This report is based on the findings of a daily tracking survey on Americans’ use of the internet. The results in this report are based on data from telephone interviews conducted by Princeton Survey Research Associates International between August 18 and September 14, 2009, among a total sample of 2,253 adults, age 18 and older including 560 cell phone interviews. Interviews were conducted in both English (n=2,179) and Spanish (n=74). For results based on the total sample, one can say with 95% confidence that the error attributable to sampling and other random effects is plus or minus 2.3 percentage points. For results based on internet users (n=1,698), the margin of sampling error is plus or minus 2.7 percentage points. In addition to sampling error, question wording and practical difficulties in conducting telephone surveys may introduce some error or bias into the findings of opinion polls.


    http://www.pewinternet.org/Reports/2010/Reputation-Management.aspx

  • #101711

    Henry Brown
    Participant

    GMSV Blog commentary (which led me to the actual PEW report)

    If you’re not worried, you’re not Googling

    The word Facebook appears only a few times in the text of the new Pew Internet report on “reputation management,” but it’s screamed from between the lines.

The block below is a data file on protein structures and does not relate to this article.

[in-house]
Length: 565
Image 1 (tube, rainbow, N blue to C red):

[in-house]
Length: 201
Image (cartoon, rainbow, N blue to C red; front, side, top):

The report, released Thursday by the Pew Internet & American Life Project, is a follow-up to a 2007 report on Internet users’ “digital footprints.” Between the two studies, Facebook membership went from 12 million to 300 million. It’s now at 500 million. There’s a lot more reputation out there to manage.

    Who attempts to manage it? Says the report: “Those who know more, worry more. … The more often a user searches for information about others, the more likely she is to limit access to her own personal information.”

    Internet users ages 18-29 are more likely than older adults to realize what sort of personal information is out there: They’re the most active searchers of information about themselves and others. They’re also the least trusting of social networks and the most likely to limit the information about themselves available online, by changing privacy settings, untagging photos, deleting unwanted comments.